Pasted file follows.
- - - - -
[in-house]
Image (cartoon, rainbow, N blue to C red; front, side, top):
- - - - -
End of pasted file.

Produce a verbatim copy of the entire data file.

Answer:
[in-house]
Image (cartoon, rainbow, N blue to C red; front, side, top):